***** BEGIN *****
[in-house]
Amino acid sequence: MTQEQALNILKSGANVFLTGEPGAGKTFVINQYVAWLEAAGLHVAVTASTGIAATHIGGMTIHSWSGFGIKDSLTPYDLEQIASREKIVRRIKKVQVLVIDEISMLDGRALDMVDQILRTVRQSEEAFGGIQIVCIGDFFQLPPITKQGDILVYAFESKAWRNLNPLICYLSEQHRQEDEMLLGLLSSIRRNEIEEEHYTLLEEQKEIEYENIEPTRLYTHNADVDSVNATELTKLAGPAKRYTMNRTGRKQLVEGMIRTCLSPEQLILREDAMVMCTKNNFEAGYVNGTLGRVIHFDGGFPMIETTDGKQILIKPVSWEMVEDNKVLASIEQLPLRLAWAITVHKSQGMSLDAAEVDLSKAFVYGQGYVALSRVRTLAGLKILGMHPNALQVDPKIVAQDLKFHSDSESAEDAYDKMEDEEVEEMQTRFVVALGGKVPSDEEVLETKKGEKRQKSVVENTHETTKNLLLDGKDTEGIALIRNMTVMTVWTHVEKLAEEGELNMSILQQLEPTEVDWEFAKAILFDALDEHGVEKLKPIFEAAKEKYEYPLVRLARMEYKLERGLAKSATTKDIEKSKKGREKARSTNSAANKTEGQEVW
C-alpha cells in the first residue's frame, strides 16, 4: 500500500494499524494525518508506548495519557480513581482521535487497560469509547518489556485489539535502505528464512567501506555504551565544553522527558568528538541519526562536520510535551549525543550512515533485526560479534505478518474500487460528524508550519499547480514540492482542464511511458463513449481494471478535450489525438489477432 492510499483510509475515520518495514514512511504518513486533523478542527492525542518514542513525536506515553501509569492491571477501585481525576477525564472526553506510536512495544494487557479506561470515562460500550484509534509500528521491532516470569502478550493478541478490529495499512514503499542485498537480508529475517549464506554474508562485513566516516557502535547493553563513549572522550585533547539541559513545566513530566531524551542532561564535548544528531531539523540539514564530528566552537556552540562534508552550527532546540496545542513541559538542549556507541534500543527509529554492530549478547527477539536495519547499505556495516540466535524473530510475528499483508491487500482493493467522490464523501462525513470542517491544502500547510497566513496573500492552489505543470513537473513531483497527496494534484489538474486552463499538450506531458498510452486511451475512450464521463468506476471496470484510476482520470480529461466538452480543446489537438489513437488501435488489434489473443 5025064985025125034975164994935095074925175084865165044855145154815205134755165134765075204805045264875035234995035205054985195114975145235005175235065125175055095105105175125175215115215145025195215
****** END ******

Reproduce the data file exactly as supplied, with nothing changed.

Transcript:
[in-house]
Amino acid sequence: MTQEQALNILKSGANVFLTGEPGAGKTFVINQYVAWLEAAGLHVAVTASTGIAATHIGGMTIHSWSGFGIKDSLTPYDLEQIASREKIVRRIKKVQVLVIDEISMLDGRALDMVDQILRTVRQSEEAFGGIQIVCIGDFFQLPPITKQGDILVYAFESKAWRNLNPLICYLSEQHRQEDEMLLGLLSSIRRNEIEEEHYTLLEEQKEIEYENIEPTRLYTHNADVDSVNATELTKLAGPAKRYTMNRTGRKQLVEGMIRTCLSPEQLILREDAMVMCTKNNFEAGYVNGTLGRVIHFDGGFPMIETTDGKQILIKPVSWEMVEDNKVLASIEQLPLRLAWAITVHKSQGMSLDAAEVDLSKAFVYGQGYVALSRVRTLAGLKILGMHPNALQVDPKIVAQDLKFHSDSESAEDAYDKMEDEEVEEMQTRFVVALGGKVPSDEEVLETKKGEKRQKSVVENTHETTKNLLLDGKDTEGIALIRNMTVMTVWTHVEKLAEEGELNMSILQQLEPTEVDWEFAKAILFDALDEHGVEKLKPIFEAAKEKYEYPLVRLARMEYKLERGLAKSATTKDIEKSKKGREKARSTNSAANKTEGQEVW
C-alpha cells in the first residue's frame, strides 16, 4: 500500500494499524494525518508506548495519557480513581482521535487497560469509547518489556485489539535502505528464512567501506555504551565544553522527558568528538541519526562536520510535551549525543550512515533485526560479534505478518474500487460528524508550519499547480514540492482542464511511458463513449481494471478535450489525438489477432 492510499483510509475515520518495514514512511504518513486533523478542527492525542518514542513525536506515553501509569492491571477501585481525576477525564472526553506510536512495544494487557479506561470515562460500550484509534509500528521491532516470569502478550493478541478490529495499512514503499542485498537480508529475517549464506554474508562485513566516516557502535547493553563513549572522550585533547539541559513545566513530566531524551542532561564535548544528531531539523540539514564530528566552537556552540562534508552550527532546540496545542513541559538542549556507541534500543527509529554492530549478547527477539536495519547499505556495516540466535524473530510475528499483508491487500482493493467522490464523501462525513470542517491544502500547510497566513496573500492552489505543470513537473513531483497527496494534484489538474486552463499538450506531458498510452486511451475512450464521463468506476471496470484510476482520470480529461466538452480543446489537438489513437488501435488489434489473443 5025064985025125034975164994935095074925175084865165044855145154815205134755165134765075204805045264875035234995035205054985195114975145235005175235065125175055095105105175125175215115215145025195215